Has your business become addicted to the small business programs that helped it get started in federal contracting? Has that dependence made your business unsalable?
Dedicated to helping the owners of small and midsize businesses prepare themselves and their companies for successful transition, we at Go Beyond LLC attend lots of conferences, lectures, and meetings around the topic of buying and selling of lower middle market businesses. We often hear Private Equity (PE) and mergers & acquisitions (M&A) professionals comment about how difficult it is to sell small Federal contractors in the Small Business Administration socio-economic categories: Woman Owned Small Business, Small Disadvantaged Business, Service Disabled Veteran Owned Small Business, and HUB-zone Small Business.
The Federal government has created a protected space for certain types of businesses, based on the socio-economic characteristics of the owners: specified annual prime contracting goals for designated small businesses. The current, government-wide procurement goal stipulates that at least 23% of all federal government contracting dollars should be awarded to small businesses. In addition, targeted sub-goals are established for the following small business categories:
- Women Owned Small Business – 5%
- Small Disadvantaged Business – 5%
- Service Disabled Veteran Owned Small Business – 3%
- HUBZone – 3%
Additionally, large prime contractors are required to meet subcontracting goals along similar lines. If you fit into one of these categories, it is much easier to find a place on the team of a large business as it prepares to compete for a lucrative federal contract. Of course, you must also have to have a solid reputation for delivering value and being a good subcontractor. There’s no free lunch, as they say.
Life can become comfortable in this protected space, and owners can be tempted to limit growth and scope of work so their company can stay safely within the size standards of its primary North American Industrial Category System (NAICS) code. Some even choose to avoid the responsibility of being a prime contractor and stick entirely to subcontracting. They tell themselves that there is nothing wrong with remaining a small company. That’s true, there isn’t anything inherently wrong with staying small.
However, there are drawbacks to maintaining a business portfolio that consists entirely, or even primarily, of set-aside prime contracts and niche subcontracts. You limit the business’s attractiveness to potential buyers, be they large strategic buyers, PE firms, your key managers, your employees, or even members of your own family. If you are like most owners — with 60 percent to 80 percent of your net worth tied up in your business – this is a significant risk with potentially grave consequences for your future retirement and legacy.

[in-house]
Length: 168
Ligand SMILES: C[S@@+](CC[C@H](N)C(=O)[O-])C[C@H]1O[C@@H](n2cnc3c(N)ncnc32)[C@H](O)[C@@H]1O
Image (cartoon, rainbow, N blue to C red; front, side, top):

Why are potential buyers not attracted to these businesses? They are looking for something that will provide a return on their investment at a low risk. Most buyers don’t fit your socio-economic category or your primary NAICS code’s small business size standard. Even if the Government customer allows them to finish the period of performance on the contract, they will not be allowed to compete for the follow-on contract. The future cash flow stream for that work will end. How about those subcontracts? Prime contractors will not be able report payments to the new owner as satisfying their small business utilization requirements. They may even squeeze the new owner out of participating in those contracts. The future cash flow stream for that work also will end. Potential return on investment is low. Risk is too high. Potential buyers likely will look for better deals.
You still might find a buyer, if you have a significant piece of intellectual property such as a patent that would be part of the deal, or if your company operates in a specific niche they want to buy into for strategic reasons. However, they will make you stick around for a few years, and a good part of the sale price will be in the form of earn outs. In order to get paid, you’ll have to prove to them that the company will continue to prosper and continue to grow without you.
Step 1 — Make sure you get back to basics. Tighten things up so the business is operating in a world-class manner.
Step 2 – Specialize, don’t generalize. Figure out that one main thing you can be best-in-class at doing, and redesign your business around that.
Step 3 — Develop a culture of discipline and relentless execution, and keep pushing toward your preferred future. Make sure you have a management team can operate without you.
Step 4 – Kick the habit. Fill your new business pipeline with Full & Open opportunities outside the protected space of small business programs. Win a few of these before you think about putting the company up for sale.
Step 5 – Be coy about entering new subcontract agreements. Try to negotiate a guaranteed work share to lock in future cash flows from those subcontracts.